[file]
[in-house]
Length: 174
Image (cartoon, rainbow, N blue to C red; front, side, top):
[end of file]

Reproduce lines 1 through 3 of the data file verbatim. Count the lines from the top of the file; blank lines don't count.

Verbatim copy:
[in-house]
Length: 174
Image (cartoon, rainbow, N blue to C red; front, side, top):